If It's Eco-Friendly, It Just Tastes Better

By Dave McIntyre
Wednesday, April 22, 2009

Climate change has the global wine industry terrified. The rise in average temperatures threatens to make it difficult, if not impossible, to produce balanced wines in regions that have defined quality for centuries. That delights British winemakers, who dream of supplanting Bordeaux or champagne. And Virginia winemakers wouldn't mind a few more vintages like the 2007. But it does not bode well for hotter climes, such as Napa Valley.

So wineries are trying to save the planet. A group called the California Sustainable Winegrowing Alliance announced last week that 359 energy-saving projects at the state's wineries had eliminated more than 30,000 tons of carbon dioxide emissions over the past four years, the equivalent of removing more than 4,200 cars from rush-hour traffic. We can all applaud that. But "sustainable winegrowing" means more than saving electricity; it means protecting the land, and here's where an "Earth-friendly" winery can influence us as consumers: by making better wine.

Are wines better if they are produced in an Earth-friendly manner? I think so, but I cannot prove it. I believe wines taste more vibrant when they are grown without pesticides and herbicides; they express a sense of place, an individuality that cannot be conveyed by a simple label of "cabernet" or "merlot." I'll admit I want to believe that, but it makes sense. Earth-friendly farming should produce a better crop, whether it's local lettuce or Carneros chardonnay.

There are three shades of green winegrowing: sustainable, organic and biodynamic, or what I like to call S/O/B wines. Unfortunately, there is no clear definition for any category, so there's a "buyer beware" aspect to this discussion.

Sustainable, simply put, means the grapes were grown with few or no chemical fertilizers, pesticides or herbicides, so the soil is nurtured and not depleted of nutrients. Sustainable viticulture differs from organic mainly in its lack of a formal definition or certification and oversight by an outside body. Sustainable growers maintain the freedom to use non-organic chemicals in dire situations when their crop is in jeopardy.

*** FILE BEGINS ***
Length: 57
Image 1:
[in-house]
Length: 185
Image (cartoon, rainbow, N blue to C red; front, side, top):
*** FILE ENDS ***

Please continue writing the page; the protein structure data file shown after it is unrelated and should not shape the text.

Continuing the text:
Organic is the most problematic category because of confusing legal definitions. When the U.S. Department of Agriculture issued regulations a few years ago defining "organic" agriculture, it characterized organic wine as that grown in organically certified vineyards and made without added sulfites. Sulfites keep wine from spoiling, and the wine industry typically refuses to sell you a product that is likely to go bad before you have a chance to enjoy it. So you are more likely to see a U.S. wine labeled "made from organically grown grapes" than one labeled simply "organic." Or there will be no mention of the "O" word at all on the label. European agencies such as Ecocert will certify a wine as organic even if sulfites were added. And many Mediterranean wineries have been farming organically for generations because they don't need chemicals, and don't trumpet that on labels.

Biodynamic winemaking goes way beyond organics: It views the vineyard as a holistic ecosystem and prescribes vineyard practices according to phases of the moon. I'll discuss biodynamic winemaking in greater detail next week.

S/O/B wines are getting noticed in stores such as Whole Foods Market and My Organic Market, and on wine lists at eco-restaurants such as Founding Farmers. Some distributors are specializing in Earth-friendly wines.

D.C.-based Calypso Organic Selections even distinguishes some of its wines as vegan or vegetarian. A vegan wine uses no animal products (such as egg whites or gelatin) to fine, or clarify the wine before bottling, while a vegetarian wine might use egg whites for fining. Of course, such ingredients don't end up in the final product, so the distinction might seem odd. On the other hand, being "unfined" has long been considered a plus, as it supposedly means more flavor is retained.

It might feel good to buy an Earth-friendly selection, but what ultimately matters is how the wine tastes. Try one with an open mind, and be prepared to have your conceptions of how the wine should taste challenged: That's terroir, a sense of place, the flavor of a healthy vineyard.

Dave McIntyre can be reached at

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